Wednesday, April 29, 2009

Punked by a "Cornell" Press Release


A taxidermied museum specimen.

It sounded like amazing news.

The Cornell Lab of Ornithology reported that the long thought extinct, Carolina Parakeet has been REDISCOVERED in Honduras.

Long believed to be extinct,--the Carolina Parakeet, North America's only member of the parrot family -- has been discovered in the Rio Platano Biosphere Reserve in the Mosquitia region of northeastern Honduras ... A full report is due to be Published in the journal Science in the April issue. The findings include multiple sightings of the long thought to be extinct parakeet as well as preliminary data collected from an male bird tracked through radio telemetry. The evidence was gathered during an intensive year-long search in the Rio Platano Biosphere Reserve (RPBR) involving more than 50 experts and field biologists working together as part of the Parakeet Conservation Partnership, led by the Cornell Laboratory of Ornithology at Cornell University and The Nature Conservancy.

"The bird we currently have in captivity, the individuals we have seen in the wild and the male we are tracking through telemetry are absolutely the Carolina Parakeet" said Hubin Tubbs, the Science article's lead author. "We know from historical data that the Carolina Parakeet was migratory to this general region. There must have been individuals that did not migrate and they have formed a small but viable non-migratory population all this time."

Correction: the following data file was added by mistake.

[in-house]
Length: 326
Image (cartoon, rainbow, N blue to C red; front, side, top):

A few more minutes of research, and I discovered the sad truth -- the whole thing was (is) an April Fool's Day joke.

Which would be fine, if the damn press release was not still up.

Which it is.

And perhaps this is not such a funny joke.

You see, Cornell was complicit in the Ivory Bill Woodpecker fiasco a few years ago.

The "rediscovery" of the Ivory Bill in Arkansas now appears to be either: 1) a hoax perpetrated by folks trying to preserve land along the White Water River, or; 2) a genuine misidentification due to what the New York Times has referred to as "faith based ornithology."

Either way, it was (and is) a black eye for the Cornell Ornithology Lab.

So where does the April 1st press release come from?

No clue. It is up on a "Google Docs" account, which should have been my first clue that there was a problem with the story.

A genuine Cornell logo and a few email addresses from The Nature Conservacy and Cornell, plus a very straight-forward presentation of the story, had me fooled, however.

It all sounded plausible, and I wanted to believe. And, truth be told, I did not look at the date on the press release.

Too bad it's just another chain-pull that rips a hole in the heart.

Thanks for that, whoever you are....

3 comments:

babysweet said...

I'm not positive... and I know you'll correct me if I'm wrong... ;O)

But I believe the second photo is of a Conure of some sort - Perhaps a Jenday?

The red around the eye is a bit flashy, but breeders have been accentuating this trait - however, the black beak is, well...

PBurns said...

I think you are right that the picture in the press release of a live animal is actually of a Jenday Conure.

P

PBurns said...

More on the fake news release here >> http://wildbirdsbroadcasting.blogspot.com/2009/04/announcement-of-false-discovery-of.html

Patrick